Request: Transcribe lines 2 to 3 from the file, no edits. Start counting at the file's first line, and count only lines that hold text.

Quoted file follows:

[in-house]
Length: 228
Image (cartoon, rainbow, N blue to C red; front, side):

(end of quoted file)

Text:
Length: 228
Image (cartoon, rainbow, N blue to C red; front, side):